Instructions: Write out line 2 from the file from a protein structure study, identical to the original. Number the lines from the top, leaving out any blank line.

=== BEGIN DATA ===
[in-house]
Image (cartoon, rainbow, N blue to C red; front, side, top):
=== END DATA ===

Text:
Image (cartoon, rainbow, N blue to C red; front, side, top):